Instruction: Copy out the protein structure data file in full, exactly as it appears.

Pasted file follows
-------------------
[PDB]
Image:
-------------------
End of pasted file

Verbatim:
[PDB]
Image: